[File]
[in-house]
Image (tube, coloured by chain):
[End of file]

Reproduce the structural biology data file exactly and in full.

[in-house]
Image (tube, coloured by chain):